IMF Staff Visit to Latvia, May 7-13, 2013- Concluding Statement
May 13, 2013
Describes the preliminary findings of IMF staff at the conclusion of certain missions (official staff visits, in most cases to member countries). Missions are undertaken as part of regular (usually annual) consultations under Article IV of the IMF's Articles of Agreement, in the context of a request to use IMF resources (borrow from the IMF), as part of discussions of staff monitored programs, and as part of other staff reviews of economic developments.
Latvia’s strong economic recovery continues. We expect the economy to grow in a balanced way at around 4 percent this year. But risks are tilted to the downside, especially given the recent financial difficulties of a large steelmaker in Liepāja, and potential production losses as a result. Inflation and the current account deficit are low and projected to remain so in the medium term.
Following continued strong fiscal performance last year, the fiscal stance for 2013 remains appropriate, as does adherence to the new fiscal framework. Latvia’s 2012 headline fiscal outturn was better than previously expected. Adjusting for the economic cycle, Latvia met its Medium Term Objective (MTO) under the Stability and Growth Pact, namely a structural fiscal deficit of 0.5 percent of GDP. Budget implementation in 2013 is on track. But over the medium term, Latvia will likely face fiscal headwinds from several factors, such as a gradual reduction in payout ratios from state-owned enterprises, restored indexation of pensions, and government guarantees on a loan to the troubled steelmaker. As a result, compensatory measures—including reconsideration of planned further cuts to the personal income tax—may be needed to keep fiscal performance in line with the recently approved Fiscal Discipline Law.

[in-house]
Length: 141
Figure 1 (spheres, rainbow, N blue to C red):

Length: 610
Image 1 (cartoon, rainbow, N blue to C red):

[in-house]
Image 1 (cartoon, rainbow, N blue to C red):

Structural measures to address still-high unemployment remain a priority, and should build on forthcoming World Bank analysis. Policy efforts are needed to upgrade labor force skills and further improve the business environment; ongoing reforms to vocational education and the judicial system are therefore welcome. At the same time, the social safety net should be strengthened to protect the most vulnerable and redress high levels of inequality. The authorities have recently, and appropriately, signaled their willingness to consider new measures aimed at reducing inequality, including more generous and differentiated non-taxable thresholds. The mission hopes that the findings of the World Bank study envisaged for release in early June will help the authorities in their efforts to frame policy measures in this area.
Recent regulatory and supervisory measures will help to contain risks from the rise in non-resident deposits (NRDs), though continued vigilance is warranted. Macroeconomic risks associated with a large NRD sector include the potential drain on international reserves in the event of outflows, and contingent fiscal liabilities owing to sovereign backing for the deposit guarantee scheme. The tightening of liquidity requirements for NRD-specialized banks since February 2013 is appropriate, and complements already higher minimum capital requirements imposed on these banks. The growth rate of NRDs in Latvian banks has moderated since mid-2012.